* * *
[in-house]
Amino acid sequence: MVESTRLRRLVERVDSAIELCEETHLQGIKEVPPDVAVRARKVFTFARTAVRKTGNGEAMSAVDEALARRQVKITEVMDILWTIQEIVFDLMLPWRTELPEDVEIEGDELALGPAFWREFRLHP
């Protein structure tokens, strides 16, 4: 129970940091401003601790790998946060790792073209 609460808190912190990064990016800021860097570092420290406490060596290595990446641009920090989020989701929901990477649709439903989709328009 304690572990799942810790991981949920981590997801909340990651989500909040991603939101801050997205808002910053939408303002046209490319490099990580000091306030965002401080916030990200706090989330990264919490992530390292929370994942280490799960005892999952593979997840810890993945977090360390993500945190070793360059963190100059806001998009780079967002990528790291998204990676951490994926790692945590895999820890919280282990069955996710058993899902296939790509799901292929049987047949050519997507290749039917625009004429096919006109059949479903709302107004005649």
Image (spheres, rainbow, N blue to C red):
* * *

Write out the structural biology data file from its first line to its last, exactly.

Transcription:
[in-house]
Amino acid sequence: MVESTRLRRLVERVDSAIELCEETHLQGIKEVPPDVAVRARKVFTFARTAVRKTGNGEAMSAVDEALARRQVKITEVMDILWTIQEIVFDLMLPWRTELPEDVEIEGDELALGPAFWREFRLHP
């Protein structure tokens, strides 16, 4: 129970940091401003601790790998946060790792073209 609460808190912190990064990016800021860097570092420290406490060596290595990446641009920090989020989701929901990477649709439903989709328009 304690572990799942810790991981949920981590997801909340990651989500909040991603939101801050997205808002910053939408303002046209490319490099990580000091306030965002401080916030990200706090989330990264919490992530390292929370994942280490799960005892999952593979997840810890993945977090360390993500945190070793360059963190100059806001998009780079967002990528790291998204990676951490994926790692945590895999820890919280282990069955996710058993899902296939790509799901292929049987047949050519997507290749039917625009004429096919006109059949479903709302107004005649």
Image (spheres, rainbow, N blue to C red):